Pacific Northwest Weyerhaeuser said Thursday its directors elected Daniel Fulton, its current president, to be chief executive officer and...
President named CEO, joins board
Weyerhaeuser said Thursday its directors elected Daniel Fulton, its current president, to be chief executive officer and added him to the board, effective immediately.
He replaces Steve Rogel, 65, who had reached the mandatory retirement age for senior executives at the timber, forest-products and real-estate company.
Most Read Business Stories
- Boeing made an entire fake neighborhood to hide its bombers from potential WWII airstrikes
- 1 house, 45 offers: Homebuyers in Western Washington hard-pressed as supply remains scarce
- Seattle artists worry potential sale of historic INS building could spell the end for their studios
- Frontier cancels flight, citing maskless passengers
- Fired after organizing, Starbucks baristas turned down a payout and took their bosses to court
Fulton, 59, was president and chief executive of Weyerhaeuser’s real-estate subsidiary from 2001 through 2007. Last January, he was named president of the entire Federal Way-based company. He has worked at Weyerhaeuser since 1975.
Rogel will continue to serve as chairman of the board.
The company also said Mark Emmert, president of the University of Washington, will join its board of directors on June 1. He replaces Martha Ingram, who served on the board for more than a decade and did not stand for re-election this year.
Federal agency approves takeover
The Federal Energy Regulatory Commission (FERC) approved Thursday the proposed takeover of Puget Energy by a group of Australian and Canadian investors, one day after the company’s shareholders gave their blessing to the $7.4 billion deal.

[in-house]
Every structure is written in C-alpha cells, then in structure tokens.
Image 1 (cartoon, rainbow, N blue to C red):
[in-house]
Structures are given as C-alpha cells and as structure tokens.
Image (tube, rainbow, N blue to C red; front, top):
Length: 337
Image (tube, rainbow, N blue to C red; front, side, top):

“We find the transaction will not harm competition or rate, and will not adversely affect regulation,” said FERC Chairman Joseph Kelliher in a statement.
Puget Energy is the parent company of Puget Sound Energy, the state’s largest electric and gas utility.
FERC’s nod marks a significant milestone, but doesn’t seal the deal. The Washington State Utilities and Transportation Commission, which has scheduled public hearings on the matter starting next month, has the final word. The proposal must also clear the Committee on Foreign Investment in the U.S., an interagency group led by the U.S. Treasury; the Department of Justice; and the Federal Communications Commission.
Company books orders for 20 jets
Boeing booked 20 new jet orders this week: 19 for the single-aisle 737 and one for a VIP version of the 747 jumbo jet.
The orders are worth just over $1 billion, according to market-value estimates by aircraft-valuation firm Avitas.
Southwest Airlines placed a firm order for 13 of the Renton-built 737s. Boeing also said that three 737s previously listed as unidentified are going to Southwest.
Scandinavian airline SAS ordered one 737, and an unidentified customer ordered two more.
In addition, Boeing booked orders for three private VIP Boeing Business Jet versions of the 737 and one customized 747 for a private customer. Boeing typically doesn’t identify its VIP customers.
Firm may spin off paperboard, tissues
Spokane-based Potlatch may spin off tissue-product and paperboard manufacturing units that generate 63 percent of its revenue.